If your child has been told by their doctor that they have an intolerance to some sugars, contact their doctor before taking this medicinal product.

Sodium this medicine contains 11 mg of sodium (main component of cooking/table salt) in each 5 ml dosage. This is equivalent to 1.65% of the recommended maximum daily dietary intake of sodium for a child. A maximum dosage of 15 ml would provide 33 mg of sodium and so this should be taken into consideration by children on a controlled sodium diet.

Information for adults intending to take this medicine

All the information in this leaflet applies to you as well.

If you are elderly talk to your doctor before using this medicine. You may be more likely to have some of the possible side effects listed later in the leaflet.

If you have had a stroke, have heart problems, you smoke, have high blood pressure, high cholesterol or diabetes talk to your pharmacist or doctor before you take this medicine (see “Risk of heart attack or stroke” above).

If you are pregnant: Do not take this medicine if you are in the last 3 months of pregnancy as it could harm your unborn child or cause problems at delivery. It can cause kidney and heart problems in your unborn baby. It may affect your and your baby’s tendency to bleed and cause labour to be later or longer than expected.

You should not take this medicine during the first 6 months of pregnancy unless absolutely necessary and advised by your doctor. If you need treatment during this period or while you are trying to get pregnant, the lowest dose for the shortest time possible should be used. If taken for more than a few days from 20 weeks of pregnancy onward, this medicine can cause kidney problems in your unborn baby that may lead to low levels of amniotic fluid that surrounds the baby (oligohydramnios) or narrowing of a blood vessel (ductus arteriosus) in the heart of the baby. If you need treatment for longer than a few days, your doctor may recommend additional monitoring.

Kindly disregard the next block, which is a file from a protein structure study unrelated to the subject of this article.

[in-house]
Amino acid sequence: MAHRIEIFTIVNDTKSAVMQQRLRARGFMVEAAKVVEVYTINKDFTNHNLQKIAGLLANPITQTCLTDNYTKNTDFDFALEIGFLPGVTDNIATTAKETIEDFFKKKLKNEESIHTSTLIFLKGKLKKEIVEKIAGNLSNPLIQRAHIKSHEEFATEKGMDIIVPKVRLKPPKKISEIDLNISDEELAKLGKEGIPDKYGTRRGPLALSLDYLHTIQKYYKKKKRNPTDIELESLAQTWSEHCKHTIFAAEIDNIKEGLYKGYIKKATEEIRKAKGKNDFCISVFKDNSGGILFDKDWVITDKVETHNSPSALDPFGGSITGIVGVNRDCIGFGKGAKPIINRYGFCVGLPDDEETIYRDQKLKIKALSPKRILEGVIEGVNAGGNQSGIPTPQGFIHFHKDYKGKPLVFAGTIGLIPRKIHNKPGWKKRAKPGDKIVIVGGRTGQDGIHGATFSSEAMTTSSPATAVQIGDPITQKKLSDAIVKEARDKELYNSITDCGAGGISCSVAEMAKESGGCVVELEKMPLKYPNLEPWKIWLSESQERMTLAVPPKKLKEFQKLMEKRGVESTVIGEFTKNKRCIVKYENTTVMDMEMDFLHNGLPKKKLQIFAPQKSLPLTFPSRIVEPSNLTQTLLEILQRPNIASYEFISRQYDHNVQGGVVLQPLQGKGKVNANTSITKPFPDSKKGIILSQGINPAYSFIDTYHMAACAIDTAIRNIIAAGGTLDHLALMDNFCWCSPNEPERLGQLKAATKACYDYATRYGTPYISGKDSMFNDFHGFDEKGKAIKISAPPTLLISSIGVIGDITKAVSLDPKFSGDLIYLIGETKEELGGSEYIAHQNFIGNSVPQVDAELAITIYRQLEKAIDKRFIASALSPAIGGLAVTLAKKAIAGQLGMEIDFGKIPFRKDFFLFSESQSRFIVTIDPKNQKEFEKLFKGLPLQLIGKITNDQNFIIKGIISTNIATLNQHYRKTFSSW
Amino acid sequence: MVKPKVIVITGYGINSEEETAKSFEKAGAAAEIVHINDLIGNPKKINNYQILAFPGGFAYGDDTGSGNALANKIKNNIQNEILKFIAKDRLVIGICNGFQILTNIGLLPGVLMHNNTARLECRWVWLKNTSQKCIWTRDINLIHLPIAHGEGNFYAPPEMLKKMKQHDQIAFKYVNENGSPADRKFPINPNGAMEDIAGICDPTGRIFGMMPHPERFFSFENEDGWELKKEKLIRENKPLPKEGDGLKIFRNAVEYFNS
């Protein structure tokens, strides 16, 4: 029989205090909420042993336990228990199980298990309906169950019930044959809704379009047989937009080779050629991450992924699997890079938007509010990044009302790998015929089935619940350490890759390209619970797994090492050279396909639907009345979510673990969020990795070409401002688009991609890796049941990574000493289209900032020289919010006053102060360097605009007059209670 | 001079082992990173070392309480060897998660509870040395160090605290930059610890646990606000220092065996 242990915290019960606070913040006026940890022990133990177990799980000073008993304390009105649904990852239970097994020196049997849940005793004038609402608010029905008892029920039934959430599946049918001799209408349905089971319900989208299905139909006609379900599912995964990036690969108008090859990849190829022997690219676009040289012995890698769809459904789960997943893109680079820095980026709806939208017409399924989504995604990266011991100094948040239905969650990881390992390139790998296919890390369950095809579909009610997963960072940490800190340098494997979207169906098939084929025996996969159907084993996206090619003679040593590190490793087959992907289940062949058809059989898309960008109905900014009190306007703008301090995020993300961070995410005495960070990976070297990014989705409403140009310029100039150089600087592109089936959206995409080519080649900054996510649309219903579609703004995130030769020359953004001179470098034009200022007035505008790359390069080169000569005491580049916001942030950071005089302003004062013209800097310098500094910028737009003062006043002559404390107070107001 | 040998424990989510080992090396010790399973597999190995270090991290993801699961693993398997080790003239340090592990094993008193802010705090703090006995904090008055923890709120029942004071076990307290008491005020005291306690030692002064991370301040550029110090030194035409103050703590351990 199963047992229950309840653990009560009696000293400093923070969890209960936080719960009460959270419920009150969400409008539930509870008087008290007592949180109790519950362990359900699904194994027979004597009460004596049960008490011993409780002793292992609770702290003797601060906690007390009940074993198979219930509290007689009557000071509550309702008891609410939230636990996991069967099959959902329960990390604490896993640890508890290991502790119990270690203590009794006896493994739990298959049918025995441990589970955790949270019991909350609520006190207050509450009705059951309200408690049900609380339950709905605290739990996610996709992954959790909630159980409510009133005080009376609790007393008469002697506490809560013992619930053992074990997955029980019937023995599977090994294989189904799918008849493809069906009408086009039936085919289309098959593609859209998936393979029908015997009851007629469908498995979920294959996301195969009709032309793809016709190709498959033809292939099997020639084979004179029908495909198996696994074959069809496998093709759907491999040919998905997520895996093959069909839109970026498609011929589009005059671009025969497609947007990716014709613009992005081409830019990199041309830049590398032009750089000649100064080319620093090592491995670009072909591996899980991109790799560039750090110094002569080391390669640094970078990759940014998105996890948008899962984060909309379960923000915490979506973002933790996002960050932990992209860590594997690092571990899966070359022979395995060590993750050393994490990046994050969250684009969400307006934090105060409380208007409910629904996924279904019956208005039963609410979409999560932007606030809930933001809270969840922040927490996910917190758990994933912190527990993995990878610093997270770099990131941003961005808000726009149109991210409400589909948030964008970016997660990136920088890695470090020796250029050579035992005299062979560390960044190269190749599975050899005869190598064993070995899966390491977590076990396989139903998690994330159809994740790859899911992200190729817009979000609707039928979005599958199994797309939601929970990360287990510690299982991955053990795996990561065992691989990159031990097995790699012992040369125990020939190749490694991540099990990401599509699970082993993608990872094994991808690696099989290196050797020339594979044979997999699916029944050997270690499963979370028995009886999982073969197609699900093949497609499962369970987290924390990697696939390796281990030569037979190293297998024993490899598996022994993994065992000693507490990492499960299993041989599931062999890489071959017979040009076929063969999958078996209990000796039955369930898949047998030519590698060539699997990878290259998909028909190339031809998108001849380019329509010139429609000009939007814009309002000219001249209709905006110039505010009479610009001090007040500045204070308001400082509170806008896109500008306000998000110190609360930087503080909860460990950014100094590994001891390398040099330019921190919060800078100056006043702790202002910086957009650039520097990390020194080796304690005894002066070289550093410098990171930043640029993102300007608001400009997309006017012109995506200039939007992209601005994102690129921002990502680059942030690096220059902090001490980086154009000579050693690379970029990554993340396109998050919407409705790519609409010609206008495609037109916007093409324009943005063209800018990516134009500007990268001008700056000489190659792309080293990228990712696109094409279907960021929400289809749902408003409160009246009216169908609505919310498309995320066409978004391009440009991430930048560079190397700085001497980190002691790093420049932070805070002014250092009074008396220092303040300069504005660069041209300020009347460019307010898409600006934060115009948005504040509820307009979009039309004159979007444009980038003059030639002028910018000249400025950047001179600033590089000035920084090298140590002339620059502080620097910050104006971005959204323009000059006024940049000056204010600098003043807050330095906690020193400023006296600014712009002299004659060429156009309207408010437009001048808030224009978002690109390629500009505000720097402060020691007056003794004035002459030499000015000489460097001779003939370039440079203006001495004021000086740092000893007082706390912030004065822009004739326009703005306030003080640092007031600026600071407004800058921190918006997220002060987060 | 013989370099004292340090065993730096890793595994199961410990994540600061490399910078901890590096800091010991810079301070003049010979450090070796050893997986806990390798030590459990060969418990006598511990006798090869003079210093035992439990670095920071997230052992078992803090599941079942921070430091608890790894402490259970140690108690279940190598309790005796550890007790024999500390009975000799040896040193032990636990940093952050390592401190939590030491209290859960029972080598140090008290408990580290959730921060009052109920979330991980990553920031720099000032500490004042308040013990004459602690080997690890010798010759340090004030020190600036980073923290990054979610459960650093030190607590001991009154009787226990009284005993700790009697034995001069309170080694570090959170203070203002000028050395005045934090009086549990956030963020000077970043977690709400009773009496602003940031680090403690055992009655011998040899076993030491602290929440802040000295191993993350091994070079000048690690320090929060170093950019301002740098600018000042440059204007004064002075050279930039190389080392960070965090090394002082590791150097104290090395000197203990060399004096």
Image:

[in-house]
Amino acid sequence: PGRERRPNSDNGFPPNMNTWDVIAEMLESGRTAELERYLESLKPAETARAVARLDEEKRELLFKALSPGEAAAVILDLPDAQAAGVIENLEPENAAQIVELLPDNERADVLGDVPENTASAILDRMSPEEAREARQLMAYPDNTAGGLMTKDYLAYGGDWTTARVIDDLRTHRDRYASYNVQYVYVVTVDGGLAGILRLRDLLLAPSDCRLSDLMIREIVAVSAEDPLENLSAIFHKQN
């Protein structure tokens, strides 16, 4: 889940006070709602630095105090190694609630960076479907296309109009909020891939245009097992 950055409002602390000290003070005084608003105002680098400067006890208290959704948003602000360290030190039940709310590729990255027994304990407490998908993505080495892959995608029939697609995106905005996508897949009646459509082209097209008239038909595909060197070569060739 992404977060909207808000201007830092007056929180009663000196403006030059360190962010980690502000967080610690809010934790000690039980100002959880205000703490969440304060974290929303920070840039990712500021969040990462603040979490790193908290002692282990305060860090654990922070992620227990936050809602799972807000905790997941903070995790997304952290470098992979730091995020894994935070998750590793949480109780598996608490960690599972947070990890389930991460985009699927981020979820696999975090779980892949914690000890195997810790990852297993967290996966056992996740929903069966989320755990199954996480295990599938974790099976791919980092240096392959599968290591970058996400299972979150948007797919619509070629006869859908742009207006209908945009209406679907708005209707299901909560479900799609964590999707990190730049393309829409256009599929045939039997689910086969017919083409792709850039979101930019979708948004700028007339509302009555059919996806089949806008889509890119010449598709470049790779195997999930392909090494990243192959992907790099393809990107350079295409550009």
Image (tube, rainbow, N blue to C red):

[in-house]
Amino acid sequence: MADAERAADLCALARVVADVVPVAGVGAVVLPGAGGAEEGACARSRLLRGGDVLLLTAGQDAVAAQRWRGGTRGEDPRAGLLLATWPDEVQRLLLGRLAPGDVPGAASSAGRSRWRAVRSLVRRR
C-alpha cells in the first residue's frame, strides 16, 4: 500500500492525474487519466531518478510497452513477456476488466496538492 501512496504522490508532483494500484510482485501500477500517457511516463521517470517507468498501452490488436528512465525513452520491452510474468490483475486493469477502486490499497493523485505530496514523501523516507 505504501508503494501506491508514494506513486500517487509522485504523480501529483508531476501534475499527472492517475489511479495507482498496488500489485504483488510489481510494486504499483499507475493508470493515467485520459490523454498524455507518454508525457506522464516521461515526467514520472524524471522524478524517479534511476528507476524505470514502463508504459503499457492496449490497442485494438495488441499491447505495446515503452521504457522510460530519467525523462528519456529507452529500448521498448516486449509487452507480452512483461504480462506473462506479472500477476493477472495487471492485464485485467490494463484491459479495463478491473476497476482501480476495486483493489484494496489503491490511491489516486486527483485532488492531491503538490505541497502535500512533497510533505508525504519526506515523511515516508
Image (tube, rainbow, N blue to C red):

Breastfeeding: If you are breast-feeding, ask your doctor or pharmacist for advice before taking this medicine.

If you are a woman of childbearing age taking this medicine, it may reduce your ability to become pregnant. This effect will be reversed on stopping the medicine.

Do not take this medicine if you have taken mifepristone (for termination of pregnancy) in the last 12 days.

How to give this medicine

Check the cap seal is not broken before first use. If it is, do not give the medicine.

It is important to shake the bottle for at least 10 seconds before use.

Always use the syringe supplied with the pack. The syringe can be used to measure 2.5 ml or 5 ml by drawing the liquid to the correct mark on the syringe.

Give this medicine to your child to swallow.

For children of 3 months up to 6 months weighing over 5 kg: Take 2.5 ml, 3 times in 24 hours. Do not use for more than 24 hours.

Do not give to babies aged 3-6 months for more than 24 hours. If symptoms persist after 24 hours or worsen, consult your doctor.

For children of 6 months up to 1 year: Take 2.5 ml, 3 to 4 times in 24 hours.

For children of 1 year up to 4 years: Take 5 ml, 3 times in 24 hours.

For children of 4 years up to 7 years: Take 7.5 ml, 3 times in 24 hours.

For children of 7 years up to 10 years: Take 10 ml, 3 times in 24 hours.

For children of 10 years up to 12 years: Take 15 ml, 3 times in 24 hours.

Doses should be given every 6-8 hours. Leave at least 4 hours between doses. Do not take more than the recommended dose in 24 hours.

The lowest effective dose should be used for the shortest duration necessary to relieve symptoms. If your child has an infection, consult a doctor without delay if symptoms (such as fever and pain) persist or worsen (see section 2).

For infants aged 3 to 6 months, if symptoms worsen or do not go away within 24 hours, talk to your doctor.